When we say that text “reflows,” we mean that when a user changes the font size, or the font, the text adjusts.  If the font is bigger, there will be fewer words per line, and fewer per page.  From beginning to end, the text changes to suit what the user has asked it to do.  You can see examples in this article: Is it true that readers can change how my book looks? and in this article addressing how the appearance of a book alters just by changing the font size.  If a font is enlarged, the screen will display fewer words per line, which means that the next paragraph will have moved downward, in this case (the example images--click to lightbox and zoom) to the next page.

The Prince and the Pauper, on Adobe Digital Editions Reader, with the font size set at medium.  Note the purple-highlighted text.
The Prince and the Pauper, on Adobe Digital Editions Reader, with the font size set at medium. Note the purple-highlighted text.

 

For example, look at what happens when we do nothing but change the text size of an ePUB, shown here in Adobe ePUB reader, of Mark Twain's beloved, "The Prince and the Pauper."  In the example on the left-hand-side, the text is set at the default medium size, and we've highlighted some text on the same "page" as the image in purple.  In the first image, on the left, you see that the text occurs on the same "page" as the image.  When we resize the font, however, by using the lower-case "a's" at the top of the reading pane, merely one size larger, you'll see that the very same highlighted text "moves" to the next page (screen), and is no longer visible on the same screen (page) as the illustration. This is because it "reflows," using larger letters, fewer characters and words per line, and the entire book is re-rendered, from beginning to end. In this example, the highlighted text moves from being on the same "page" (screen) as the illustration, to the next "page" (screen), because it's reflowing to accommodate the larger font size.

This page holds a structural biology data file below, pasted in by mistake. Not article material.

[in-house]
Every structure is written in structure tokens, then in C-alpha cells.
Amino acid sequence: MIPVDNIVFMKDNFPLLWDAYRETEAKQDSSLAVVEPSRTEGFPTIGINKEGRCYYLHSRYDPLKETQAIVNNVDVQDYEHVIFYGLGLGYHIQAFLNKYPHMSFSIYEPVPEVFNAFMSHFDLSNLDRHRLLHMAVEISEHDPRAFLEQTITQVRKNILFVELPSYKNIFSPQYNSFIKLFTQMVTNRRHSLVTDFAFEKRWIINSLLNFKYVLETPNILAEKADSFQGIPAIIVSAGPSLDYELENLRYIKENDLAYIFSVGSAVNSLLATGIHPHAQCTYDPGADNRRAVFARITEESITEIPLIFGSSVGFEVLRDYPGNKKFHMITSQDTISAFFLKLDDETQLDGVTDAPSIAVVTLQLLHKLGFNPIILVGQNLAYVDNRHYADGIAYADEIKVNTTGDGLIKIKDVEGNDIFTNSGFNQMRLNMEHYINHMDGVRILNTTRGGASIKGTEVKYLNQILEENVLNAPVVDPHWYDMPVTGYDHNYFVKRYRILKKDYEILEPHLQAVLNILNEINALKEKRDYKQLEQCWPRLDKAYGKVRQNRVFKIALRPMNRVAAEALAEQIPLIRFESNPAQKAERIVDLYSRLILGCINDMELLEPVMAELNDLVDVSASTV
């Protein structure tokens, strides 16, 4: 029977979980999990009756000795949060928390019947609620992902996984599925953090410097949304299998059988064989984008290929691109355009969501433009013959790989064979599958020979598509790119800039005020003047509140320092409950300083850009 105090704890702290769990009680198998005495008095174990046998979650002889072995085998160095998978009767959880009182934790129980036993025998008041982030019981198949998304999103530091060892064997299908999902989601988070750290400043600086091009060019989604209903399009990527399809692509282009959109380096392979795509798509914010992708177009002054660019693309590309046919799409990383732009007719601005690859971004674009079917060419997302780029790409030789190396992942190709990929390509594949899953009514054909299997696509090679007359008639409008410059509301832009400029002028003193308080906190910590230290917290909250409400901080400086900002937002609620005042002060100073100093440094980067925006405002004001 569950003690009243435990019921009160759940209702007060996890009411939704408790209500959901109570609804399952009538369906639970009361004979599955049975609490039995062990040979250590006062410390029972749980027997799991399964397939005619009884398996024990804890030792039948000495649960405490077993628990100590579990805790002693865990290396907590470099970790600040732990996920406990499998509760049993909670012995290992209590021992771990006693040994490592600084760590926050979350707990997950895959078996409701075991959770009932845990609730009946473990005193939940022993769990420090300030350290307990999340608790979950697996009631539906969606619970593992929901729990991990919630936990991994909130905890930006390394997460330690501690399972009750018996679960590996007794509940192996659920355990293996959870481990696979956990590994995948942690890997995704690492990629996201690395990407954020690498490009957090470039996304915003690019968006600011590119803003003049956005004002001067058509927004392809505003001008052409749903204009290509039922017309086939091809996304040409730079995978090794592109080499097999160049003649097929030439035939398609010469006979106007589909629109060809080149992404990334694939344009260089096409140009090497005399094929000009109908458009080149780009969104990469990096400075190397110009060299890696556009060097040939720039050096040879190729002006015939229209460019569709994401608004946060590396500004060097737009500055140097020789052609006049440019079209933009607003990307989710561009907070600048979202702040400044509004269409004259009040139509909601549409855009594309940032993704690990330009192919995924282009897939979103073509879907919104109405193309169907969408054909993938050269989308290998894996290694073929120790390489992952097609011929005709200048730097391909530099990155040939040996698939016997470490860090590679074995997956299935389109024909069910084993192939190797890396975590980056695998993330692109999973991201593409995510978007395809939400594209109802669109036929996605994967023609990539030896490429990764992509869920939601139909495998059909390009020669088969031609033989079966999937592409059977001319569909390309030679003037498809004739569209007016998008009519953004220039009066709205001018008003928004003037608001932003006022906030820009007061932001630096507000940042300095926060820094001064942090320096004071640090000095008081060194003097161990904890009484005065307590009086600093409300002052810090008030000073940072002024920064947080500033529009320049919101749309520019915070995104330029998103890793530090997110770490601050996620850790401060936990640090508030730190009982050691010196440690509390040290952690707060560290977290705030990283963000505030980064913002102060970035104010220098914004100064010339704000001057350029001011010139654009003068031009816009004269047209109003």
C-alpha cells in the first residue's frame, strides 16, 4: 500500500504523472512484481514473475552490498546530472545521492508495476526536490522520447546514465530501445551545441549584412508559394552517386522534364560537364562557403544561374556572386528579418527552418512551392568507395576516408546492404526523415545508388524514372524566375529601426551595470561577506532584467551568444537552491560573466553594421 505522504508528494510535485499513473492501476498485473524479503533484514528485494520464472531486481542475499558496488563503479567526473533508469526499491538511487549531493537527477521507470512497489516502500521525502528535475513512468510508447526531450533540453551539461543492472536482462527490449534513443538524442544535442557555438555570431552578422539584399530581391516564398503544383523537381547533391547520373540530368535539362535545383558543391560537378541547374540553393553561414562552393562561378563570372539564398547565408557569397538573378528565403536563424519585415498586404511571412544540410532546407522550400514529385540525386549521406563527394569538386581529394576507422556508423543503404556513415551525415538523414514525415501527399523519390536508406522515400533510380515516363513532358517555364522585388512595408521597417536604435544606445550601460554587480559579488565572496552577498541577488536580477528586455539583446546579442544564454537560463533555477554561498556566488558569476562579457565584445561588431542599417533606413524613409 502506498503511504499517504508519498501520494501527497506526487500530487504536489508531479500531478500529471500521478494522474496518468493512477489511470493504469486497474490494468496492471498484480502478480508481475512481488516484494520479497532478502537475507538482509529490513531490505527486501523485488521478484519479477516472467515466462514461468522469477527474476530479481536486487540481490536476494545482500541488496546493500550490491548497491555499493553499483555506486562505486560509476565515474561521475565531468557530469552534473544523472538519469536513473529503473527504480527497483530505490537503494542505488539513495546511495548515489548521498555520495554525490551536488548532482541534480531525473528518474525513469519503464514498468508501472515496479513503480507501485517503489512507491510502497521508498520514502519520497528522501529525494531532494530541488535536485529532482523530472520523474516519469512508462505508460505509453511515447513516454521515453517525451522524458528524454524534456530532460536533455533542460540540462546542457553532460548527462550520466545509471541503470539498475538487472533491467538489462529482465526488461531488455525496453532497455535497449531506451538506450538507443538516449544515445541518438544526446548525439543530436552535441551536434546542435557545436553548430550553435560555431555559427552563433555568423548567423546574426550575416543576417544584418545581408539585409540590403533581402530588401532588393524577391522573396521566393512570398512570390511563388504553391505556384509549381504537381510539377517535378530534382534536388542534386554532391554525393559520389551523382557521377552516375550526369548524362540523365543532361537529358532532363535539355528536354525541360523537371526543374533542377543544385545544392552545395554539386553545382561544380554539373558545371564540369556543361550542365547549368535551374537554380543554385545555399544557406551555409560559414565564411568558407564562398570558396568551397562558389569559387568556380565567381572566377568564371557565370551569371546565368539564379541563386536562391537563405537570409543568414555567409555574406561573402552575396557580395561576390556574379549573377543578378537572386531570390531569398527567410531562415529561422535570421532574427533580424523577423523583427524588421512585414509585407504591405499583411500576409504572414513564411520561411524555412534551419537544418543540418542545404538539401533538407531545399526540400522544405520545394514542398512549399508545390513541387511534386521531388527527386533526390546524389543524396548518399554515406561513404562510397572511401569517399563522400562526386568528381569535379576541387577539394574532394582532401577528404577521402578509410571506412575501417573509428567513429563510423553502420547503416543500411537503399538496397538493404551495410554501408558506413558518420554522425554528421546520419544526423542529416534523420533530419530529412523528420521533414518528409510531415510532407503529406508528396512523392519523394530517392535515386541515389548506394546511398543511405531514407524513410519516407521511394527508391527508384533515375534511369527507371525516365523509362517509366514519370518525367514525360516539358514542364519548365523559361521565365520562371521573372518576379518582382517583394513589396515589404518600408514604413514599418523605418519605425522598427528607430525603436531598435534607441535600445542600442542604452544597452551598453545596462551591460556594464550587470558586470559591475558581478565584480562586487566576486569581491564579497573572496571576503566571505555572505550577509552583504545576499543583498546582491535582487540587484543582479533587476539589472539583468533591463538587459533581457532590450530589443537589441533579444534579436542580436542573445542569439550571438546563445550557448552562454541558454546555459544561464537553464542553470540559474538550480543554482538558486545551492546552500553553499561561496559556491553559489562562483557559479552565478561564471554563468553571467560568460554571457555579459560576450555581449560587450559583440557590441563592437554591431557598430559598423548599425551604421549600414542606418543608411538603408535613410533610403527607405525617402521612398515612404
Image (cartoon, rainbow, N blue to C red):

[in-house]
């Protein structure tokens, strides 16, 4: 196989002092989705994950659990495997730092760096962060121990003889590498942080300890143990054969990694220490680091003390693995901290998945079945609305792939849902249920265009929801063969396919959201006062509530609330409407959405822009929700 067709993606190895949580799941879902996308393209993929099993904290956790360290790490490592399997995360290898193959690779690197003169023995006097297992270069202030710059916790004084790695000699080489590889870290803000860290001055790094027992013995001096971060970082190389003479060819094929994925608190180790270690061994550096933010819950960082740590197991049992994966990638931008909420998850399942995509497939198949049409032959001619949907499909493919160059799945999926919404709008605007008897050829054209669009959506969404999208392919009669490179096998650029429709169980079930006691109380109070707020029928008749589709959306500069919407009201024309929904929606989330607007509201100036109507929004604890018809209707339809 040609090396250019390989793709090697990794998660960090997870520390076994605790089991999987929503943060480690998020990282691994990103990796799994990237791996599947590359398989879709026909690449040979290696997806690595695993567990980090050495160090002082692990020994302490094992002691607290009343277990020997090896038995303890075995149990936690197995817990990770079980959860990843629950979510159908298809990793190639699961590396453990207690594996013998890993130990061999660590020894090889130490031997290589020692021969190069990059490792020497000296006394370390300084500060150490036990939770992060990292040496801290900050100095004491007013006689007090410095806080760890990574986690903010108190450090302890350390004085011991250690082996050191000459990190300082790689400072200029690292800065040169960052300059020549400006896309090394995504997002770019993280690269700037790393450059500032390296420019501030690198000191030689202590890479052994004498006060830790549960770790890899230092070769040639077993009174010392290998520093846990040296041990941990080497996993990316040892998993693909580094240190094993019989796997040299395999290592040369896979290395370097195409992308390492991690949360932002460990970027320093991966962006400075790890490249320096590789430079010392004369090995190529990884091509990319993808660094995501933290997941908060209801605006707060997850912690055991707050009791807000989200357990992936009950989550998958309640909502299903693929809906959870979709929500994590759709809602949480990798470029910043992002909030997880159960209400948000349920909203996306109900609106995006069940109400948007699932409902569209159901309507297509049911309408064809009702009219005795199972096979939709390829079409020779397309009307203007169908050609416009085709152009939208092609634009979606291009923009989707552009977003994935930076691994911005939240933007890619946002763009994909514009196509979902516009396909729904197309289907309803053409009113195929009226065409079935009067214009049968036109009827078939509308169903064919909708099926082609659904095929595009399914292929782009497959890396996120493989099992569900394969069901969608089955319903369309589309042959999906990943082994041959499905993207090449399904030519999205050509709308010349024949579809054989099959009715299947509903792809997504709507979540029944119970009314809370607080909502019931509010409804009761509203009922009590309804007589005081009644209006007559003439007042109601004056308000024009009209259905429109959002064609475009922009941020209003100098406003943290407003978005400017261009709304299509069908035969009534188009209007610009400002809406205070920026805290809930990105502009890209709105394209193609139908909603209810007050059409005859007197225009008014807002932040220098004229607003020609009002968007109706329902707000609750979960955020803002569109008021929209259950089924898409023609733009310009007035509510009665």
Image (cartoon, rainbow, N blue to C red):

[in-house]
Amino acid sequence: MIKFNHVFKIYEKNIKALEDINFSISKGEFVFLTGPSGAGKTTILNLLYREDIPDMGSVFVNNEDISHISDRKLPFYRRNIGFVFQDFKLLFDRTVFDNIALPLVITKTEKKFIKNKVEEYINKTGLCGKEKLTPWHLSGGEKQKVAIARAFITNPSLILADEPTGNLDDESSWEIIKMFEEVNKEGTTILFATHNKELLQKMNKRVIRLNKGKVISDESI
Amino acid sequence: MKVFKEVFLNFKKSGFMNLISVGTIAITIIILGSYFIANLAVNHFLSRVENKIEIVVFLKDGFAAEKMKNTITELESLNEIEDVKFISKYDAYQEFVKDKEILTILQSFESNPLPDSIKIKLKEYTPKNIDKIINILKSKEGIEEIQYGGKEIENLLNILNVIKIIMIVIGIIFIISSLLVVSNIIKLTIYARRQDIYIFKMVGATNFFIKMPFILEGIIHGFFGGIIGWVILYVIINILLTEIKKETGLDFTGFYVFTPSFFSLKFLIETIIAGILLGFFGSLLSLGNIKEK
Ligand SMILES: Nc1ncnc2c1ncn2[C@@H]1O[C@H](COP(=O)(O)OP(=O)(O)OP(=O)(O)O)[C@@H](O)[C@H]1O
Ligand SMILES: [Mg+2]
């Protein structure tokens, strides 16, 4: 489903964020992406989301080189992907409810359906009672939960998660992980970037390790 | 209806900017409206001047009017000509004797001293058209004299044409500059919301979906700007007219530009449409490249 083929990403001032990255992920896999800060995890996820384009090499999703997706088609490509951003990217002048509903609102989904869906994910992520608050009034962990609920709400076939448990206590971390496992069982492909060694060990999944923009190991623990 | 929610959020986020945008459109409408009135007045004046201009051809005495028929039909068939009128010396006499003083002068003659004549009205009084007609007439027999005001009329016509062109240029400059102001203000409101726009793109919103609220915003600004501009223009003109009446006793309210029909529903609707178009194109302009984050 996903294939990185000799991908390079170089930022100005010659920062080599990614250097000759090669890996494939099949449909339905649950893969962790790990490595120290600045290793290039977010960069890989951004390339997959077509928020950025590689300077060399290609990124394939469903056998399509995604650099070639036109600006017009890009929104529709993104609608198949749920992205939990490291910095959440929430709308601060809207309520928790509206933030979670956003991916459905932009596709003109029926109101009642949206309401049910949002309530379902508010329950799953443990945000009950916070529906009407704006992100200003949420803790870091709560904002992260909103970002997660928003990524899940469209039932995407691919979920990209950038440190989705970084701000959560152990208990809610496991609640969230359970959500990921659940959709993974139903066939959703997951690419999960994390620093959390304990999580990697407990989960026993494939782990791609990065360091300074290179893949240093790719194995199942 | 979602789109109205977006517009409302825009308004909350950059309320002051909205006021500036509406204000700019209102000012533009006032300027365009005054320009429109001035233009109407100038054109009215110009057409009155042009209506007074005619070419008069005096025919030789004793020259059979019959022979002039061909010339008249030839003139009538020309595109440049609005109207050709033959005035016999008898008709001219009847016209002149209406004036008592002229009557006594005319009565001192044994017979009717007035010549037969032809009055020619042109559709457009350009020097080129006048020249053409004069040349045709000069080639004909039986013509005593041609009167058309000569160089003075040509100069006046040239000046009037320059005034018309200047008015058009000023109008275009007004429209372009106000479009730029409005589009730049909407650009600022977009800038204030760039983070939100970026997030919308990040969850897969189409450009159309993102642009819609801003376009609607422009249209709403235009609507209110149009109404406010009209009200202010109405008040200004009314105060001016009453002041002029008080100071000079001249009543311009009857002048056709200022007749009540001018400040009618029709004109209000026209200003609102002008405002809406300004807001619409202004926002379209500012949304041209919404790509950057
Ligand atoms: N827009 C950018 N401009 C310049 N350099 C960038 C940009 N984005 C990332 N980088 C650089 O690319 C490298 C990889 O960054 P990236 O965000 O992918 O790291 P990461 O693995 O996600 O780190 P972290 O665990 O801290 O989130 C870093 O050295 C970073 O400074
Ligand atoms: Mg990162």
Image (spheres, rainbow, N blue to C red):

This is what we mean when we say that text “reflows" and that it is very difficult to try to control what a user sees at any given time.  EBooks are not like PDFs or print, and it will be very helpful for you to understand this early in the process so you can learn not to worry about things that cannot be controlled.

The same book, The Prince and The Pauper, in the same reader, but now the person reading it has set the font size simply one click larger.
The same book, The Prince and The Pauper, in the same reader, but now the person reading it has set the font size simply one click larger.

Our sincere thanks to Ignacio Fernández Galván for graciously agreeing to let us use his lovely ePUB creation of "The Prince and the Pauper" for demonstration and explanation purposes on our website.  Ignacio--you're a steely-eyed ePUB Pilot. 

Holiday Closing Alert! Memorial Day, 2020   

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As amazing as it is, this year, for the first time ever,  we're going to be closed for Memorial Day!

That means we're going to be closed, Saturday-Monday May 23rd-25th,  2020.

I know what you're thinking--what???  The whole country's been closed down for two months!  Whaddya mean, you're taking off?  Well, we haven't been closed.  We've been here working harder than ever, due to a wildly increased demand for our services, so honestly, the Crew and I desperately need these days away.  No telephone calls or emails will be answered.  The admin office needs a break.  We'll be back, everything to the ready, the morning of Tuesday, May 26th, to get cracking.  Thank you for your support and understanding.  And please, don't forget why we honor Memorial Day.  We should never--never--forget The Fallen.  

For those of you already in production, the production crew is running full steam; Judith (QA--Quality assurance, our Princess of Perfection) and Jay (Our Doyenne of Customer Delight) will be here and working, checking books and sending them out, so please, don't worry.  It's just we lazybones in the admin office that need a break!